In need of a fix

| Updated on January 24, 2018 Published on March 29, 2015

The arbitrary process of determining India’s spot gold prices needs an overhaul

As the curtain comes down on the century-old London gold fix, the spotlight is now on the opaque and random manner in which Indian spot gold prices continue to be determined. Gold prices in London, where the bulk of the world’s trades in the yellow metal happen, were being fixed by an exclusive club of dealers. Following an investigation into allegations of price rigging by this group, the dangers of price-fixing in this manner was brought home to the regulators. The London gold fix has, therefore, been replaced by a new benchmark — the London gold price — set by an independent provider, the ICE Benchmark Administration. The participating banks will now bid through an online electronic platform where orders will be matched in a transparent manner. The new system will ensure an audit trail that will make it easy for regulators to track the fixing process.

The gold price fixing process in India, however, remains as archaic and arbitrary as ever. Despite being the largest market for gold in the world, the country doesn’t have a benchmark for gold in rupees. Gold prices in the country are fixed by the Indian Bullion Jewellers’ Association — a body representing bullion dealers in Mumbai. The price is based on calls made to the members of the association twice a day that reveals the quantities and the price at which members want to buy and sell gold. This informally discovered price is unfortunately the price at which consumers across the country buy and sell gold and is touted to be the official price of gold in the country.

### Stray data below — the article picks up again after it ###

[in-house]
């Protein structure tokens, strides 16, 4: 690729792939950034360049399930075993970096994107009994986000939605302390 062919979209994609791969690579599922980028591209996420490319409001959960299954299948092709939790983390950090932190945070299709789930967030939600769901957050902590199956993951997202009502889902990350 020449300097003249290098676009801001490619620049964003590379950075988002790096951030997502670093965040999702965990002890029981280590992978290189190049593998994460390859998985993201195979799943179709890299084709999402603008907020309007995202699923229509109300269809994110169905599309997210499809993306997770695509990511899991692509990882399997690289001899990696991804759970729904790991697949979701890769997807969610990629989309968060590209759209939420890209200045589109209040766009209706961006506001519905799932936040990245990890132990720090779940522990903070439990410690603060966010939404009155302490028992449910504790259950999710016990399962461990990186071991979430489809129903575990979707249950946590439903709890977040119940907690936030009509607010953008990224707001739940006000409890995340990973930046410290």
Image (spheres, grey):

In the absence of a reliable spot price, some large bullion dealers in the country use the gold futures contract price to set a price for their gold. This turns on its head the practice that the price of the underlying determines the value of a future contract. Around 75-100 tonnes of scrap gold is traded in the country every year. India can follow the Chinese model, where the Chinese central bank has set up an exchange for trading physical gold. The Shanghai Gold Exchange also oversees the delivery, clearing and settlement, and storage of gold. Such an exchange will enable gold to circulate better within the country and help in arriving at a reliable price for spot gold. The suggestion in the KUB Rao Committee report on setting up a bullion corporation of India that facilitates trades in physical gold and sets up an effective mechanism for price discovery, and mobilises gold that lies with households, is another viable alternative. Since setting up an exchange or a bullion corporation will take a few years, a formula for fixing gold prices based on quotes given by nominated agencies that are allowed by the Reserve Bank of India to import gold, can be arrived at in the interim.

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Published on March 29, 2015
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